Broadcast TV networks are freely available over the air, so you might think that they wouldn’t care too much about the growing number of people ditching cable in favor of streaming services. After all, viewers can still get the network shows and local news for the price of a decent antenna. Then you realize that networks are raking in billions of dollars each year from pay-TV providers and you see they have an incentive to try to keep you from cutting the cord. [More]
Carol has been watching the AMC program “Breaking Bad” using Comcast on-demand. Specifically, the Catch-up service so she can catch up on season 4 before the new season starts next month. This service skips episodes and doesn’t seem to actually be designed to catch anyone up, though…unless that customer is an HD subscriber.
Access to Amazon Instant Video’s streaming library has been a nice perk to signing up for Amazon Prime. But the service was never particularly useful to many customers who like to sit back on their couch and watch stuff on TV rather than stare at a computer screen. Now Amazon has cut a deal with the PS3 that draws it closer to competitors Netflix and Hulu Plus, which both stream on the Wii and Xbox 360 in addition to Sony’s console.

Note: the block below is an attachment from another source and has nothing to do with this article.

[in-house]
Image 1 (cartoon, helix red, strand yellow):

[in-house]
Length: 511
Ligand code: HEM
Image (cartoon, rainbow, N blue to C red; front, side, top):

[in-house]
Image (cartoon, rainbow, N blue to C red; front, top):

In an effort to actually provide its hordes of unhappy customers with something useful for their cable dollar, Comcast has announced that it has made deals to bring almost every prime-time network show to its on-demand lineup.
For movie fans, there is that odd stretch of time between a film’s initial release and when it hits the DVD/On-Demand market. Maybe it’s playing in a second-run theater or maybe it’s just in limbo. Regardless, DirecTV is betting that customers would be willing to pay a premium to watch movies during that lame-duck time period.
One problem with owning a 3DTV is that there’s not much to watch through your ludicrously expensive glasses. Comcast is offering a slate of obscure films you can use to show off your technology to visiting friends, provided you keep extra sets of those glasses handy.
Netflix-streaming Xbox 360 players will have one less reason to be jealous of Roku owners come November. At the E3 video game conference in Los Angeles, Microsoft announced it will let Netflix users search and add streaming movies and TV shows through the console, bypassing the need to do it the old-fashioned way on a computer.
Mike writes us to say Comcast’s On Demand service in Chicago is suffering from dropsies reminiscent of Bears receivers. He says a CSR admitted as much when he called to complain. He writes:
It used to be Steven Soderbergh who could get away with bringing indie films to cable on-demand services on their theatrical opening day